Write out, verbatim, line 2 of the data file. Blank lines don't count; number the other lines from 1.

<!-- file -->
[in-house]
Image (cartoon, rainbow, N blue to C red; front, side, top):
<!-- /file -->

Image (cartoon, rainbow, N blue to C red; front, side, top):